Something to Think About

King James, he of the principal English version of Bible, a commissioned work, actually did write concerning religious themes but interestingly, focused on demons.

The following excerpts from Wikipedia (see https://en.wikipedia.org/wiki/Daemonologie) is instructive:

Daemonologie, In Forme of a Dialogue, Divided into three Books: By the High and Mighty Prince, James &c. — was written and published in 1597 by King James VI of Scotland (later also James I of England) as a philosophical dissertation on contemporary necromancy and the historical relationships between the various methods of divination used from ancient Black magic. This included a study on demonology and the methods demons used to trouble men while touching on topics such as werewolves and vampires. It was a political yet theological statement to educate a misinformed populace on the history, practices and implications of sorcery and the reasons for persecuting a witch in a Christian society under the rule of canonical law. This book is believed to be one of the primary sources used by William Shakespeare in the production of Macbeth. Shakespeare attributed many quotes and rituals found within the book directly to the Weird Sisters, yet also attributed the Scottish themes and settings referenced from the trials which King James was involved.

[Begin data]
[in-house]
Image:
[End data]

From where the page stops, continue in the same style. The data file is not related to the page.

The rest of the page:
So, how should that impact Christian reliance on the more famous work he commissioned? Should those who rely on the King James Version of the Bible also accept the authority and accuracy of the Daemonologie, and thus belief in vampires and werewolves and witchcraft, etc.?

What does this say about the numerous Protestant religions whose basis is that singular treatise and their concurrent acceptance, in many if not most cases, of modern scientific rejection of beings such as werewolves and vampires, etc.?

Something to think about.
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© Guillermo Calvo Mahé; Manizales, 2017; all rights reserved

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